The Diner

When my father died, it was just me and my mother, both trying to find our way. My way as a rising senior in high school, her way as a young widow. I looked at her for validation of who I was and what I did and even what I wore. She was my person. Everything was ok as long as I could see her, talk to her, be near her.


When I got married, my biggest worry was, is she going to be okay without me? Isn’t that funny? I knew it wouldn’t be like when I went to college and she said “go”, because I was still technically living at home. But this, this was different. I wouldn’t be living with her anymore. Wouldn’t see her every day. Would she be okay without me? Turns out she was just fine. But then again, that’s my mother.

She never worried about the future, only lived in the present. As far back as I can remember she would always say, “whatever will be will be” and “it will all work out how it’s supposed to.”


There was a nine-year span where my mother and I lived together as two single women. Sounds like a television comedy and it was just glorious. We would both be in our respective bathrooms getting ready to go dancing, music playing, clothes laid out for inspection.


We would leave our apartment and go our separate ways. It was at the local diner where I would end up after my night ended, hanging out with my friends over late night eggs. And then it would happen. The energy in the diner would become electric. People would start milling around. A low buzz would begin and grow as the door to the diner opened. I knew what was happening. My mother had just walked in, with her bright smile, her glittery clothes and her sparkly eyes.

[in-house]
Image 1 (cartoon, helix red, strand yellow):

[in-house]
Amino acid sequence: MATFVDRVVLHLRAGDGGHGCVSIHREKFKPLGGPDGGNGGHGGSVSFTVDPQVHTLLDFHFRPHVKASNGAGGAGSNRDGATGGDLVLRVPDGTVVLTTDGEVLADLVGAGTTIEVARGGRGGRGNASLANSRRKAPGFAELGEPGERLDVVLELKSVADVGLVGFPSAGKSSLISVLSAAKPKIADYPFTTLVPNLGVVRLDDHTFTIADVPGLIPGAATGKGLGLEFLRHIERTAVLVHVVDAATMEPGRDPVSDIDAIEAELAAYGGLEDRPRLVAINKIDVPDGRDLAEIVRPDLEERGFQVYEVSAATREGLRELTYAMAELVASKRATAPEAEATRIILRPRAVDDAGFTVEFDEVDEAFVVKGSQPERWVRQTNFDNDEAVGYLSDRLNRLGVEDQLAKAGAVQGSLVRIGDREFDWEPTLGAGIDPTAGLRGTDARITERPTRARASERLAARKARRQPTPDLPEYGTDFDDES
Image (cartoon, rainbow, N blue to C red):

Everyone in attendance wanted to look at her, inspect this light of a woman who electrified the dull diner. Some even approached her for a hug and a kiss. She and Joe would be escorted to their usual booth, where they would cheerfully speak to anyone who ventured over to say hello.


One night, a friend of mine had brought a friend who didn’t know this was a weekly occurrence. She was fascinated by the hubbub and said, “who’s THAT?” To which I proudly answered, “that’s my mom.”


I haven’t thought about that in a very long time. Honestly, it feels a hundred years ago. But even now, I still see that dazzling woman in front of me. Her warmth and her love still find a way through.